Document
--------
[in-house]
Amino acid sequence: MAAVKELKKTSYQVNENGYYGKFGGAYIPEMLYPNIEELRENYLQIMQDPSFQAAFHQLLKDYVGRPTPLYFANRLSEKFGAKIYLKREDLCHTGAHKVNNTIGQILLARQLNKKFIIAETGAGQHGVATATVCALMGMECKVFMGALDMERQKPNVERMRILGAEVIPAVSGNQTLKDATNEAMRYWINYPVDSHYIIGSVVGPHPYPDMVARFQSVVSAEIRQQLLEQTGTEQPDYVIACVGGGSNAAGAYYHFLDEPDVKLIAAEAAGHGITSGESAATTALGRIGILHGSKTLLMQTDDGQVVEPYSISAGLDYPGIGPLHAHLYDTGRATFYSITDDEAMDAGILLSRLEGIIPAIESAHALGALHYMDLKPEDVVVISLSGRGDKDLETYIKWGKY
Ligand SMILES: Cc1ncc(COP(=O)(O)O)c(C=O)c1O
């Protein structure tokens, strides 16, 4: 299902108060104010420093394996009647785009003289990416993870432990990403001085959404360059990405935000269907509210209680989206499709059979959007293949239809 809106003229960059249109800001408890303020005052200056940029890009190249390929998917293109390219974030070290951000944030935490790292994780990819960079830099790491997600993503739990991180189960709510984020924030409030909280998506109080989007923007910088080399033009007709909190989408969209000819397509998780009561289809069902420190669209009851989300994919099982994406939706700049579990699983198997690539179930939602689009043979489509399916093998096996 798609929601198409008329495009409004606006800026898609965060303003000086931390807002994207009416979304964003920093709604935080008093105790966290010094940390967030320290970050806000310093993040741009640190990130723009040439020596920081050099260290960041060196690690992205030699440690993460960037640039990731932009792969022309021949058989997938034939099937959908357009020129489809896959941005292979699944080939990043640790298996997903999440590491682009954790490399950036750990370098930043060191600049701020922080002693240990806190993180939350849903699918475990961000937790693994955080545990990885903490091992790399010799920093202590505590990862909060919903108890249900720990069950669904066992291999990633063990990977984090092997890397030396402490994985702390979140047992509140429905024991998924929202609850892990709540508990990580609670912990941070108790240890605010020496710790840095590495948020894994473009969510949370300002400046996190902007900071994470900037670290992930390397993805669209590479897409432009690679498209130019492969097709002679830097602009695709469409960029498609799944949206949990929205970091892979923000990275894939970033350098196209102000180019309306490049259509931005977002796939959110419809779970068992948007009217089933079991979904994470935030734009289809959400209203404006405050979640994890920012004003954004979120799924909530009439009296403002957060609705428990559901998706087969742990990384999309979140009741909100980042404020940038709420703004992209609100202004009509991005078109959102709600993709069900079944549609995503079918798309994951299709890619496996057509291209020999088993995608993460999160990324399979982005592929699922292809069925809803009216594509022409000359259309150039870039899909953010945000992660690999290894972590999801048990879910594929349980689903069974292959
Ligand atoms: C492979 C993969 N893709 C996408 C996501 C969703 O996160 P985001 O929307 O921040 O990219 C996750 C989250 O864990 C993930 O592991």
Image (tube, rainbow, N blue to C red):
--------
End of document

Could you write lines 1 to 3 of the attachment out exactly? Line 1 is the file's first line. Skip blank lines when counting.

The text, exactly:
[in-house]
Amino acid sequence: MAAVKELKKTSYQVNENGYYGKFGGAYIPEMLYPNIEELRENYLQIMQDPSFQAAFHQLLKDYVGRPTPLYFANRLSEKFGAKIYLKREDLCHTGAHKVNNTIGQILLARQLNKKFIIAETGAGQHGVATATVCALMGMECKVFMGALDMERQKPNVERMRILGAEVIPAVSGNQTLKDATNEAMRYWINYPVDSHYIIGSVVGPHPYPDMVARFQSVVSAEIRQQLLEQTGTEQPDYVIACVGGGSNAAGAYYHFLDEPDVKLIAAEAAGHGITSGESAATTALGRIGILHGSKTLLMQTDDGQVVEPYSISAGLDYPGIGPLHAHLYDTGRATFYSITDDEAMDAGILLSRLEGIIPAIESAHALGALHYMDLKPEDVVVISLSGRGDKDLETYIKWGKY
Ligand SMILES: Cc1ncc(COP(=O)(O)O)c(C=O)c1O